Saturday, November 15, 2008

Britain's health service is now worse than Estonia's

Healthcare in Britain is worse than in Estonia even though we spend four times as much on each person, according to a Europe-wide league table. And despite the billions poured into the NHS by Labour, the standard of care is on a par with the former Communist states of the Czech Republic and Hungary, which spend far less on health.

Long waiting times and slow access to new cancer drugs were highlighted as major reasons for Britain's `mediocre' placing of 13th out of 31 countries. Britain came out near the bottom on cancer survival rates, waiting times, MRSA infections and the speed of access to new drugs. The Euro Health Consumer Index report found that when the cost-efficiency of the health service was taken into account, the UK came 17th.

Johan Hjertqvist, of the Health Consumer Powerhouse think-tank which compiled the report, said Britain had improved since last year on patients' rights and providing patients with information on their health. `However access for both waiting times for treatment and uptake of modern drugs, remains a problem,' he added. The report concludes: `The NHS shares some fundamental problems with other centrally planned healthcare systems. It would require some really top class management for that giant system. Superbug problems are improving, but they are still bad.'

Government health spending has doubled since 2002. This year, 96billion pounds is going into the NHS - almost four times 'the amount spent in the former Soviet republic of Estonia per head of population. The report backs up a recent Italian study, which put Britain near the bottom of a European table for the chances of its patients still being alive five years after being diagnosed with cancer.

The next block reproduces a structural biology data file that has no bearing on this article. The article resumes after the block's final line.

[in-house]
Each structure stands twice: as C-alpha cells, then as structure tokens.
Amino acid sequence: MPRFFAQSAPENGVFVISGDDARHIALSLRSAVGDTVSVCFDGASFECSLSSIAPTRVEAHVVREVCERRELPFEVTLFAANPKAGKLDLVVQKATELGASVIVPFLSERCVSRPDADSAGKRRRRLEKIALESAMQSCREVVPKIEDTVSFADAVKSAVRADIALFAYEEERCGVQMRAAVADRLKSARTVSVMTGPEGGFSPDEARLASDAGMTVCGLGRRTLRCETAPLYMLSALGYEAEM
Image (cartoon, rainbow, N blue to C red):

Matthew Sinclair, of the TaxPayers' Alliance, said: `For all the central initiatives and health drives launched in Whitehall, we are still lagging behind much poorer countries like Estonia. `That should teach the politicians that this centralised, micromanaged and monopolistic approach does not work.'

The index rates healthcare systems on 34 indicators before working out a total score out of 1,000. The UK scored 650 points, way behind the Netherlands in first place on 839 points. Britain was rated `poor' on nine indicators, including direct access to a specialist, quick access to operations and MRI scans, five-year cancer survival rates, MRSA infections and quick access to cancer drugs. It was rated `intermediate' on 16 indicators, such as the ability to see GPs on the same day, quick access to cancer therapy and heart attack survival rates. Only on the remaining nine indicators was it rated `good'. These include NHS Direct, the quality of hospital rating systems and IT.

The study concluded that countries with a social insurance system, in which patients take out cover with companies but receive healthcare from separate bodies, fared better than those with centrally driven systems such as the UK.

LibDem health spokesman Norman Lamb said: `We have got to attack the waste and bureaucracy that drives clinicians and the public crazy. We need to make sure that all available resources are focused on patient care.' Tory health spokesman Stephen O'Brien said: `This is further evidence of the incompetence of ministers when it comes to running the NHS.'

Health Secretary Alan Johnson said: `The European Health Consumer Index report is not anchored in any reputable academic or international organisation. It uses flawed methodology and old data.'


Doctor held liable for punitives even though he treated the patient competently

Sounds like someone gaming the system